The recent announcement by Aetna Insurance Company that it will exit the health insurance market in most of the states where it now operates raises a fundamental question about the stability of the Affordable Care Act. As shown by the following map from yesterday’s New York Times, it appears that at least five states with 17% of the American population will have only one health insurer to choose from next year.
As the Wall Street Journal’s Greg Ip points out in a recent article, “the problem isn’t technical or temporary, it is intrinsic to how the law was written” Specifically:
- Insurance is supposed to price risk but the ACA changed this. Insurers can no longer charge or exclude coverage for pre-existing conditions, charge men and women different rates, or charge older customers more than three times as much as the young.
- For example, a 64-year-old consumes six times as much health care as the average 21-year-old. Adhering to the 3-to-1 maximum ratio, the insurer would have to greatly overcharge the 21-year-old than his actual cost and/or greatly undercharge the 64-year-old.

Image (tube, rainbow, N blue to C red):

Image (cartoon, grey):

- The rational response for unsound pricing is for young and healthy customers to stay away and sick, older customers to flock to the exchanges. ACA mechanisms to prevent this type of behavior aren’t working very well.
- One example of this is that the ACA exchanges, which provide income-based subsidies for those without employer provided health insurance, are mainly attracting those people just slightly above the poverty line who get the biggest subsidies (see chart).
I have pointed out many times that the cost of health care, especially for the entitlement programs of Medicare and Medicaid, is the fundamental driver of our exploding national debt and therefore must be curtailed. But now, in addition to the cost problem, we are discovering that the ACA also has a fundamental access problem as well. Big changes are clearly needed in the ACA. More details later!